Finally, in 1958-59, the Australian National Antarctic Research Expedition made an aerial reconnaissance of a portion of Wilkes Land. As was to be expected, it was found that Wilkes had consistently underestimated the distance between the Vincennes and the coast. However, where he had been able to get close to land, in the case of the Knox Coast and Piner Bay, his chart had been dead on. What impressed the Australians was the accuracy of Wilkes’s estimate of longitude—an extremely difficult thing to calculate at high latitude, not to mention aboard a storm-tossed sailing vessel. The photographic evidence also indicated that Wilkes had faithfully distinguished between what he took to be the overall contours of a continent and where he had actually seen land. Contrary to Ross’s insistence that his chart was nothing more than a fabrication, Wilkes was found to have “adhered to high standards of cartographic integrity.”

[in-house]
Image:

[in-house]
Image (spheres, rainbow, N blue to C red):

“After more than a century,” writes Antarctic expert Kenneth Bertrand, “during which disparagement was most often his reward, there can now no longer be any doubt of the greatness of his achievement.”

Wilkes had been his own worst enemy. His aching need for praise and control drove him to some astounding accomplishments but had also led him to commit acts that earned him almost universal censure and scorn. Wilkes needed, more than anything else, someone to rein him in, to be, as he described his wife Jane, “my moderation.” Once the Expedition left Norfolk, Wilkes found himself alone with the torment and compulsions that had seethed within him since childhood. Without Jane to domesticate his demons, he could no longer play the part of the talented, passionate man of good feeling—the role that had won him the affection and loyalty of Reynolds and his fellow officers. He must be who he actually was—a scared and needy lieutenant of very limited experience and nautical ability and yet who yearned to be a hero. If he had any hope of seeing the Expedition to its conclusion, he must reinvent himself. The leader who emerged from the breakdown in Rio de Janeiro was almost unrecognizable to his officers: a haughty, unfeeling tyrant who abused and mocked the very men he had once treated as his friends.